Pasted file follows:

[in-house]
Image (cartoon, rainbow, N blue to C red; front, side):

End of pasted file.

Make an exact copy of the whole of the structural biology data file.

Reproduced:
[in-house]
Image (cartoon, rainbow, N blue to C red; front, side):